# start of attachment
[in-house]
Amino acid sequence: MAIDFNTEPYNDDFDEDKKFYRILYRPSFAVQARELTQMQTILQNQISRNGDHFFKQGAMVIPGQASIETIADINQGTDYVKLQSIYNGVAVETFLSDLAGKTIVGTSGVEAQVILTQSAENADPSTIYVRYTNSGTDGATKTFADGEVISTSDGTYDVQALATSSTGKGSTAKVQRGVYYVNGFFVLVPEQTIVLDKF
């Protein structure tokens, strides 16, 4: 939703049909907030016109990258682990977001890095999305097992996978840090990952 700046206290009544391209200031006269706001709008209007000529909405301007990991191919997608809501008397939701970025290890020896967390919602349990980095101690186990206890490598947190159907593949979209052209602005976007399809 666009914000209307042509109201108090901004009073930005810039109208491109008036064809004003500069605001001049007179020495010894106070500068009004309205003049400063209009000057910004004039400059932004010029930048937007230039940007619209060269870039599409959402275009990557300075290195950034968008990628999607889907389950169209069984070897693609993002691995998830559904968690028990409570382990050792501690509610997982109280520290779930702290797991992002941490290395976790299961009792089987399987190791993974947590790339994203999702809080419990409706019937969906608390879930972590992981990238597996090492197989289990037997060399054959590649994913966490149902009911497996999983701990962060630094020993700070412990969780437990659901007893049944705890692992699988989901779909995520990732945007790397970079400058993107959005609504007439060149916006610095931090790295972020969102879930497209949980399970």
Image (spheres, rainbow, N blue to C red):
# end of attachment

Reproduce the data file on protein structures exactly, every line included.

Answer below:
[in-house]
Amino acid sequence: MAIDFNTEPYNDDFDEDKKFYRILYRPSFAVQARELTQMQTILQNQISRNGDHFFKQGAMVIPGQASIETIADINQGTDYVKLQSIYNGVAVETFLSDLAGKTIVGTSGVEAQVILTQSAENADPSTIYVRYTNSGTDGATKTFADGEVISTSDGTYDVQALATSSTGKGSTAKVQRGVYYVNGFFVLVPEQTIVLDKF
């Protein structure tokens, strides 16, 4: 939703049909907030016109990258682990977001890095999305097992996978840090990952 700046206290009544391209200031006269706001709008209007000529909405301007990991191919997608809501008397939701970025290890020896967390919602349990980095101690186990206890490598947190159907593949979209052209602005976007399809 666009914000209307042509109201108090901004009073930005810039109208491109008036064809004003500069605001001049007179020495010894106070500068009004309205003049400063209009000057910004004039400059932004010029930048937007230039940007619209060269870039599409959402275009990557300075290195950034968008990628999607889907389950169209069984070897693609993002691995998830559904968690028990409570382990050792501690509610997982109280520290779930702290797991992002941490290395976790299961009792089987399987190791993974947590790339994203999702809080419990409706019937969906608390879930972590992981990238597996090492197989289990037997060399054959590649994913966490149902009911497996999983701990962060630094020993700070412990969780437990659901007893049944705890692992699988989901779909995520990732945007790397970079400058993107959005609504007439060149916006610095931090790295972020969102879930497209949980399970």
Image (spheres, rainbow, N blue to C red):